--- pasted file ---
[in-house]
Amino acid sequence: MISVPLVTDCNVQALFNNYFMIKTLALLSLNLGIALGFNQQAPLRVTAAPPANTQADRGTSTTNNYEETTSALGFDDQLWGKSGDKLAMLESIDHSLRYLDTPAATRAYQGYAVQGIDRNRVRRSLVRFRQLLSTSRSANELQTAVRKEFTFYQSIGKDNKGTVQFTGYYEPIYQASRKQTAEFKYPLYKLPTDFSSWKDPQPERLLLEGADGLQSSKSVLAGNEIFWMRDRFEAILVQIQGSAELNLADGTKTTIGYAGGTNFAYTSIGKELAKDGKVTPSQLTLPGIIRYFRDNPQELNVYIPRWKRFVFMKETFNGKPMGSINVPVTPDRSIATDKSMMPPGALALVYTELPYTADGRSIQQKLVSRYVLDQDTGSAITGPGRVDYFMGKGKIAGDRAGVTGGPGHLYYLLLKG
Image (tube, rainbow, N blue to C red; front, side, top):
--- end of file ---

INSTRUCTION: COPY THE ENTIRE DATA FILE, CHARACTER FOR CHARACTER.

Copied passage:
[in-house]
Amino acid sequence: MISVPLVTDCNVQALFNNYFMIKTLALLSLNLGIALGFNQQAPLRVTAAPPANTQADRGTSTTNNYEETTSALGFDDQLWGKSGDKLAMLESIDHSLRYLDTPAATRAYQGYAVQGIDRNRVRRSLVRFRQLLSTSRSANELQTAVRKEFTFYQSIGKDNKGTVQFTGYYEPIYQASRKQTAEFKYPLYKLPTDFSSWKDPQPERLLLEGADGLQSSKSVLAGNEIFWMRDRFEAILVQIQGSAELNLADGTKTTIGYAGGTNFAYTSIGKELAKDGKVTPSQLTLPGIIRYFRDNPQELNVYIPRWKRFVFMKETFNGKPMGSINVPVTPDRSIATDKSMMPPGALALVYTELPYTADGRSIQQKLVSRYVLDQDTGSAITGPGRVDYFMGKGKIAGDRAGVTGGPGHLYYLLLKG
Image (tube, rainbow, N blue to C red; front, side, top):